But the idea of leveraging a universal hatred against men, or allowing ourselves to feel as though there is a clear divide in terms of gendered power, and that it falls distinctly on the men vs. women line, fuels a slippery slope of profound privilege denying. Because to pretend as though the 22-year-old white female blogger talking about her hatred of men from the comfort of her prepaid dorm at an Ivy League school does not hold many tangible privileges over, say, the undocumented male worker who is cleaning the bathroom stalls of her building at night, is ludicrous. There are countless privileges she has over him, and countless points of access she has in our society that he will never see.
As young, white, middle-class women, we move through society with a certain amount of implicit trust. We’ll laugh when we see Lindsay Fünke on Arrested Development comment on her ability to shoplift with impunity because, hey, she’s a white woman — but the truth that underscores that joke is very, very real. Figures of authority in our society will give us more of a benefit of a doubt than they would a young black man, for example. They assume the best of us. And yes, there will always be exceptions to this. And yes, it can be infantilizing. But when it comes to standing before a judge, or a bigoted police officer, my guess is that most people would rather be condescended to and allowed to go home, than treated like a “man” and be beaten or thrown into jail. Just this last week, Forest Whitaker was frisked by a store employee because who accused him of stealing, while more than one young white starlet has been openly caught stealing pricey items and met with a slap on the wrist.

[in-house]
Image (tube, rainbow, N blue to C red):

Even rape culture, one of feminism’s most important crusades, is often blind to its own inability to consider other axes of privilege. The rape culture that exists within our prison system — thousands of young (mostly poor, mostly PoC) men and women being raped and sexually assaulted on a daily basis with little to no recourse — is often met with a cultural response of “If they didn’t want to get raped, they shouldn’t have gone to jail.” The victimless, drug-related crimes which turn into extensive sentences and felony records which prevent future employment are regularly the start of a lifetime of sexual assault, and yet we so often see rape framed in feminist spaces within an extremely narrow context. These are people who are victimized largely because of their limited access to resources or escape and their marginalized position in society — who fit every criteria of being within a “culture” of sexual assault — and yet their stories often go untold in the discourse.
The truth is simply that the dichotomy we construct with the “misandry 4 lyfe” taglines and the “all men are this way or that way” framework is as dangerous as it is disingenuous. It allows enormous amounts of young women to believe that, in their support of what they perceive to be a wholly progressive and benign cause, they are exempt from upholding the status quo which subjugates so many others. It oversimplifies incredibly complex social issues. And it erases the very intersections of privilege and oppressions which define our lives and make the need to fight for equality so essential. If we are going to consider ourselves feminists — activists of any kind, really — it behooves us to make that word mean as much as possible, and be as honest as it can be. Even if it means consulting the skeletons in our own closets.